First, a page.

Under the Family Medical Leave Act (FMLA), eligible employees are entitled to take up to 12 weeks of unpaid leave during a 12 month period to care for a serious medical condition, or to help a close family member with a serious medical condition. FMLA provides strong protections to employees who are covered under the law, but not all employees are eligible. If you are considering taking this leave, or an employer has stated that you are ineligible, it is important to know what the requirements are, and if you meet them.
To be covered by FMLA, you must work for an employer that has a minimum of 50 employees within a 75-mile radius of the place of work. Public agencies that do not have 50 employees are still covered by FMLA. Even when a business qualifies under this requirement, employees must also meet other eligibility requirements.
The number of hours an employee has worked will also affect their eligibility for FMLA leave. Employees must have worked a minimum of 1,250 hours for the same employer in the course of the 12 months prior to taking the leave. Only the hours the employee actually worked are taken into consideration. Sick days, vacations, and other time off is not considered, even if the employee was paid for that time.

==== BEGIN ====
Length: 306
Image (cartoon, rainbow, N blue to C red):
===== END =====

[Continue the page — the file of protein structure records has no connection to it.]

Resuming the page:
Employees can only take FMLA leave for specific reasons. These include:
When asking for FMLA leave from an employer, employees do not have to specifically state that they are requesting leave under the Act. However, there are still some guidelines to follow when asking for this leave. When requesting leave, employees should:
After an employee has provided notice, the employer must inform the employee if they are eligible for medical leave within five business days.
In April of 2020, new legislation was enacted to help employees who are affected by Covid-19. The Families First Coronavirus Response Act (FFCRA) expands the Family Medical Leave Act and changes some of the requirements for employer coverage and employee eligibility.
Unfortunately, even when employees are qualified to take medical leave, employers do not always agree to it. If you have been denied leave, or you are worried about retaliation because you are requesting leave from your employer, our Columbus employment lawyers at Marshall Forman & Schlein LLC can help. We know the rights of employees in Ohio, and can help hold employers accountable when they violate the rights of employees. Call us today or contact us online to schedule a consultation with one of our attorneys and get the legal advice you need.
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